As you might have read, we are running an installation here in amsterdam called radarFunk.
This installation is based on a Windows XP machine and uses a Nokia 6680 mobile for user interaction.
BlueTooth is used to establish communication between the 2.
I’m not going to explain every detail, I’ll just highlight the points necessary to tell the hassles we had on the way.
The machine has no screen, keyboard, mouse.
It’s a server that runs a Director application to host and play the sounds, and a BlueTooth server (our BlueSocket technology) to receive input from the mobile device and broadcast it to every TCP/BlueTooth client attached.
When preparing the machine for the installation, we thought it could just be running 24/7, as we thought about the Nokia 6680 too.
This world is everything but an ideal one, and windows machines just can’t run 24/7 (I turn my mac laptop off only when updates require a restart).
The Nokia is less of a problem, but restarting it every night just can’t do any harm.
Of course we figured this out when the installation was already running.
To have you understand what the real problems were, you have to first know how this works and then we’ll highlight the possible flaws/requirements.
radarFunk MINI is a J2ME application that requires a BlueTooth SPP (Serial Port Protocol) connection to a server to broadcast note signals.
In the first revision the device had to be configured on application startup to connect to a BlueSocket server.
Now in case the BlueSocket machine was failing (it happened first time because of overheating) the J2ME client looses connection, and since CPU cycles are precious, I didn’t want to implement a listener to check if the SPP connection is broken.
I figured out that to avoid all the necess fiddling with the configuration panel of the application, it was better to have it reconnect to the last known server on launch.
Well, this worked and still does, but then we had to face another problem:
the server was locked in a box with no access to power switch.
I could have used a KVM extender to enable the exhibition people to turn off the machine properly every evening and start it up the morning after, but I didn’t want them to connect monitor/keyboard/mouse every time. They already have to execute a sequence of operations in order to restart the Nokia device.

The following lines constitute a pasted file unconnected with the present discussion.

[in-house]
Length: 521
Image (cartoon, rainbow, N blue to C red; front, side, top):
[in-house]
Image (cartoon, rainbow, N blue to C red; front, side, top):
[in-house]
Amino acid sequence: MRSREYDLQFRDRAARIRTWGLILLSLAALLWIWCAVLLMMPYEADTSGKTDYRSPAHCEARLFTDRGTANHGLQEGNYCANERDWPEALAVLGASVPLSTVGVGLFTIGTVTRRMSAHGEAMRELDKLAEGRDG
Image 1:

Let’s examine what we had to deal with:
- First obstacle faced (but an easy one) was the BIOS errors when no keyboard is found.
- Solved configuring the option “halt on” in the BIOS interface. I simply set it to “no error”
- Second (a tough one): skip the logon screen on windows in order to have the programs in the Startup folder to start without the need of a login
- Solved accessing a very hidden control panel in XP. It can be accessed running
control userpasswords2from a command prompt
- Third: ok to turn it on and avoid errors, but how do I turn off the machine with no user interface?
- Solution: in the control panel, you can find “Power Options”. In power options selec the “Advanced” tab, you have a custom action for the Power Switch. Just select “Shutdown” from the list and you’re ready to go.
Wow, now we have a machine that will start/stop with no complaints at all.
Wait a moment… I said the machine is locked in a box, how do I access the power button?
Do I leave it out so everybody can just go there, click the button and shut down our installation?
I really don’t think so.
How do exhibition managers shut down my machine then?
Here’s when I decided to build my remote power switch/LED remote USB key.
You can read about it and see some pictures here.
Just for the article here’s a picture of what it looks like.
I installed it this morning and it’s very easy to use.
Plug the modified USB pen into the port, press the button.
It’s nothing but an extender for the Power LED and Power switch, but it’s quite neatly done.
Now Ed and the others at the Arti’s building are happier.
In case you want more detailed information or schematics just drop a line.
I’ll be glad to help whoever wants to try this.
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